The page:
Koulla said, “It is widely understood that spend on mental health is inadequate, particularly when considering the impact the legacy of the conflict continues to have on mental health, including those generations seemingly not directly affected.
“My Review found that approximately £31 Million is spent here on children’s emotional wellbeing and mental health services which represents 0.8% of our overall health budget, equating to less than 1 penny in every pound. This lack of investment is very short sighted.
“We know that half of all adult mental health issues begin by age 14 and 75% by age 18[i]. We spend only £45 per young person on statutory mental health services in Northern Ireland, compared with £163 per adult. If we invest earlier and get young people the help and support they need, we will not only save money, but have a huge impact on the mental health of our people throughout their lives”
The Commissioner concluded “Children and young people’s mental health has been one of my key priorities since taking up post. I initiated this Review because of the young people who approached me when I visited their schools, the parents who approached me in the supermarket and the professionals who approached me when I visited their workplace. All urged me to do something about mental health services and support for children and young people.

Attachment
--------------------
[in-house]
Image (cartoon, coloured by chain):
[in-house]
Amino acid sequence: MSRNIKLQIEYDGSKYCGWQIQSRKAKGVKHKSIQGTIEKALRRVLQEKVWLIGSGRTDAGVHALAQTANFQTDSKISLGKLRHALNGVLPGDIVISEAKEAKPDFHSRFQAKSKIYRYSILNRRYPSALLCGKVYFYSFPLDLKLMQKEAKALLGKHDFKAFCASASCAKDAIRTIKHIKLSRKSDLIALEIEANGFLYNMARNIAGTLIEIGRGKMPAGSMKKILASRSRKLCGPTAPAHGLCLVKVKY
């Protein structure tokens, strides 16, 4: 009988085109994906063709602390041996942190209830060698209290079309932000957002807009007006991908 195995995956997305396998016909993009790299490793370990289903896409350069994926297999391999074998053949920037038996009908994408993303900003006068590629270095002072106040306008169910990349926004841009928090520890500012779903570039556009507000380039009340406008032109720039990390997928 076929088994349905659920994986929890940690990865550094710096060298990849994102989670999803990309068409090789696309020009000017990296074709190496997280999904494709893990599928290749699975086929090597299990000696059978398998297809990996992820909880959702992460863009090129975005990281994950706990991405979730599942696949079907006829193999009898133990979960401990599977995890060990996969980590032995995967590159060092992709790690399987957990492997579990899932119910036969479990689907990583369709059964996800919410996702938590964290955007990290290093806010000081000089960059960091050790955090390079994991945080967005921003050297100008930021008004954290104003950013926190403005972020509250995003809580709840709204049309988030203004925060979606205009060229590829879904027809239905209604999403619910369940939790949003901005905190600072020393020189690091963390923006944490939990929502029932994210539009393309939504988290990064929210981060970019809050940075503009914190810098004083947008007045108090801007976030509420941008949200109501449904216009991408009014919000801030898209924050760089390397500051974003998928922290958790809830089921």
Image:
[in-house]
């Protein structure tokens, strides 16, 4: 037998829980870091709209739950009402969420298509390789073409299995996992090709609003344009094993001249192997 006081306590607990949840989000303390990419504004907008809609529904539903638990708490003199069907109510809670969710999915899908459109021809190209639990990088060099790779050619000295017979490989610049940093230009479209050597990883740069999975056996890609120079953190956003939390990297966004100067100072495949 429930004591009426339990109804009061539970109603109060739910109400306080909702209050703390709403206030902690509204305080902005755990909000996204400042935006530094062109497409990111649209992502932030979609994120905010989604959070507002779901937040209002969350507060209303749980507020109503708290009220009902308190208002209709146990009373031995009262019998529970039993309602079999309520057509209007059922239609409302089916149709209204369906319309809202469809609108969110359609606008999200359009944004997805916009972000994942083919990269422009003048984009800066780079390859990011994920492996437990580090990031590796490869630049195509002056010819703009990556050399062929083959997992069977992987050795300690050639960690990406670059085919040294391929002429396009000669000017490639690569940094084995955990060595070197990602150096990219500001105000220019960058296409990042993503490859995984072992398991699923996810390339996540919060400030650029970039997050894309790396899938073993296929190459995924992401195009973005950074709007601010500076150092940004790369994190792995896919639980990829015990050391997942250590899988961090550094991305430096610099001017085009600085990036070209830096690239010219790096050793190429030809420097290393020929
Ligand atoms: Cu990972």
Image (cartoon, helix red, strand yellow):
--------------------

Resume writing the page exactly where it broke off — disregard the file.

“Yes we need more money to reform this system effectively and children and young people’s emotional and mental health needs to be prioritised within Health spending. However, ‘Still Waiting’ has also found there are very practical actions Government Departments and their agencies can take now to make sure that children and young people get the right support, at the right time. This must be a system which invests in promoting good mental health, prevents poor mental health developing and can respond quickly and appropriately to young people when mental health problems develop”
*Stepped Care Model – is the regionally agreed model for the organisation and delivery of child and adolescent mental health services in NI. It is a 5 tiered model which recognised the need to develop a whole system approach to the delivery of services which includes connections between statutory mental health services and primary care, education, child health and social services. The model has not been fully implemented, and continues to be a work in progress.
Notes to Editors
– Young people
– Rodney Morton – Department of Health
– Marie Roulston – Director of Social Care and Children, Health and Social Care Board
– Clare Mangan – Director of Children’s Services, Education Authority
– Dr Grainne Doran – Chair, Royal College of General Practitioners Northern Ireland
– Dawn Shaw – NI Director, Action for Children and National Lead for Mental Health
If you are a young person and need support with your mental health talk to your parents/guardians, GP, teacher or another trusted adult.
You can also contact the following organisations:
[i] Kessler RC, Berglund P, Demler O, Jin R, Merikangas KR, Walters EE. (2005). Lifetime Prevalence and Age-of-Onset Distributions of DSM-IV Disorders in the National Comorbidity Survey Replication. Archives of General Psychiatry, 62 (6) pp. 593-602. doi:10.1001/archpsyc.62.6.593.